EDMOND—New fifth- and sixth-grade teacher Corinne Eagle is adjusting to her fast-paced daily routine during the opening weeks of Imperial Academy’s 2014-2015 academic year. Eagle is IA’s newest teacher; she was hired in March and this year has succeeded Leanne Brandon.
A typical day in the Eagle classroom consists of creative writing, reciting the United States presidents in order, sign language, math, language, oral reading, spelling, health, science and history, in that order. Her students cap off the day with physical education and music classes with other teachers. IA office aide Maggie Hilliker teaches drawing classes once a week to Eagle’s 13 students.
“This particular group of kids is really interested in geography,” Eagle said. “They love to play games to review facts. Anytime I’m reading, they always have their hands up. It makes teaching fun when they’re so interested.”
After 18 years experience homeschooling her five children in Michigan and Ohio, Eagle began her first year of teaching outside the home on August 12. “Having a lot of children and dealing with a myriad of questions at one time may have been the best preparation,” she said.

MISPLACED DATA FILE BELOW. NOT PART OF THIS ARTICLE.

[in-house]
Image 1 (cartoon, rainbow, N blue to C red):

“I do think that having raised children gives her a level of patience and positivity that is evident in the way she handles her students,” Mrs. Brandon said. “As a mom with grown-up kids, she really understands how the fifth- and sixth-grade [class] is a vital bridge between the lower elementary foundation and success in middle and high school.”
“She’s organized and enthusiastic to be here,” IA principal’s assistant Brandon Nice said. “She loves kids, which really works out well with everything.”
Imperial Academy founder Gerald Flurry called Eagle in late March about a job opening. “He asked if I’d be interested,” she said. “He felt that it would be challenging, but that I could be successful at it because of my [Ambassador College] background.”
Starting in early April, Eagle learned the ins and outs of her new job in a live classroom setting under Mrs. Brandon’s tutelage. “She was very methodical about it,” Eagle said. “She was a great teacher even to a teacher.”
Over the last two months of the 2013-14 school year, Eagle graded assignments and observed Brandon’s teaching techniques and handling of disciplinary issues. A week after classes ended in late May, she was on her own. “By the time I headed into the summer, I felt very comfortable and ready,” she said. “Mrs. Brandon did a good job.”
Eagle said she took pride in setting up her classroom over summer break. “You make it yours,” she said. “You know where everything is. It’s organized in a way that is logical to you. Then, you give to the kids: ‘Here’s what we’ve created for you.’”
Besides transforming her classroom into a fertile learning environment, Eagle ordered supplies, familiarized herself with the lesson plans, photocopied materials, sorted files, and read teaching how-to books. Nearly five months of preparation led her smoothly into the school year.
Eagle said she is extremely thankful for her new responsibility. “The biggest reward is knowing I’m part of such an incredibly important aspect of God’s Work,” she said. “My favorite moments are the ‘Aha!’ moments. They make teaching a joy, day by day.”